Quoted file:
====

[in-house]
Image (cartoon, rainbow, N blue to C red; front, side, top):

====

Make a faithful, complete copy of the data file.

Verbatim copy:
[in-house]
Image (cartoon, rainbow, N blue to C red; front, side, top):